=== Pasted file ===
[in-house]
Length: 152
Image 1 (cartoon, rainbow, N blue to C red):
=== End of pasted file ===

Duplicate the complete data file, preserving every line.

[in-house]
Length: 152
Image 1 (cartoon, rainbow, N blue to C red):